By John Eckberg
The Cincinnati Enquirer
OVER-THE-RHINE - A new president and a new mission have nearly doubled the number of small businesses seeking revenue through the Cincinnati Business Incubator Inc.
Business incubators, organizations that provide knowledge,
networks and tools for emerging small companies, have had a great impact
on American commerce.
In 2001, the last year for which figures are available, North American
incubators assisted more than 35,000 start-up companies, provided full-time
employment for 82,000 workers and generated earnings of $7 billion.
National Business Incubation Association members report that 87 percent
of all firms that graduated from their incubators are still in business.
There are 950 business incubators in North America, up from 587 in
1998 and just 12 in 1980.
For every $1 of estimated annual public operating subsidy provided
to the incubator, clients and graduates of NBIA incubators generate
$45 in local tax revenue.
Every 50 jobs created by an incubator client generate another 25
Source: National Business Incubation Association
The 15-year-old incubator in 2003 abandoned extensive training programs for its client companies and instead focused on the creation of jobs at companies in its offices on Central Parkway near Findlay Market.
"I think we took a good look at our mission and our strategy and realized that we wanted to be an economic development and job center," said Wayne Hicks, who came in as president and chief executive a year ago after serving as director of the Internal Revenue Service Processing Center in Covington.
"We provide incubator services for emerging businesses owned by women and people of color."
While the nonprofit still brings mentoring and management assistance to some firms, a focus on job creation kept 99 people employed at incubator client companies. Those firms had $3.3 million in revenues last year, Hicks said.
The incubator receives $150,000 in federal community development money administered by the city and $8,000 a year from the U.S. Small Business Administration.
It provides services to two levels of clients. The first, known as resident clients, maintain offices and share a secretarial presence at the center, which is owned by the city.
Another level occurs with affiliate clients, which pay $100 a month for an address at the center but do not generally staff offices.
The address enables incubator companies to bid on work for Cincinnati Public Schools or other city agencies, which sometimes only contract with companies based in the city or award preference bid points for firms with a city address.
This year 32 companies call the incubator home, compared with 17 client firms in 2002-2003.
McGhee's Contracting Co. has a satellite office at the incubator and offices at owner Michael McGhee's Mount Orab farm in Brown County. Having two locations means twice as many chances to seek work, he said.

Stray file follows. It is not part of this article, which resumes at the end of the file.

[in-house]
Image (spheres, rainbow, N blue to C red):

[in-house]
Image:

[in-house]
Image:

"It's a great deal to have several jobs a month referred to us through contacts at the incubator," said McGhee. His company employs 17, providing concrete work for sidewalks and driveways and offering general construction work such as landscaping, ditch digging and demolition.
Founded in 1989, the incubator rents office space, equipment and secretarial services to client companies for $325 per month. Add-ons such as T-1 modem lines, additional telephone lines and additional secretarial time cost more: from $13 an hour for a secretary to $50 a month for the T-1 line.
"The benefits are twofold," said Papino Loyd, 43, a resident of Fairfield and owner of P.R. Electric. "You do not have to have a lot of money up front, and there is a networking benefit.
"When your business lives from check to check, networking is real important."
Hicks expects the incubator to grow as nearly $1 billion in capital improvement construction begins to take shape in Cincinnati Public Schools and as the Cincinnati Center City Development Commission gains traction with its multimillion-dollar redevelopment plans for Fountain Square and Over-the-Rhine.
While about 87 percent of the incubator building has tenants, the third and fourth floors are vacant.
"So far we have a pretty eclectic mix of companies," Hicks said. "But I am looking forward to the day when we have those client companies upstairs."
The next level
Steven Taylor, the 32-year-old chief executive and president of Best Information Technology Solutions, thinks his company may be among those headed to the upper floors.
Best Information Technology Solutions is an information technology consulting company that provides Web infrastructure services including network security and support and installation of wireless and cable systems.
The company is distributing and installing 3,300 personal computers for teachers, staff and administrators throughout the Cincinnati Public Schools. That $3.4 million bid was produced by Best and its joint venture partner Sarcom, a Columbus-based technical firm.
Best Information Technology, which employs five and has contracted with 24 other high-tech specialists on this job, was founded in 2001 as an affiliate client of the incubator. It soon expanded.
"The incubator has led us to take our business to the next level," said Taylor. "We initially signed on as an affiliate.
"The new programs Wayne was implementing led us to make the decision to open an office."
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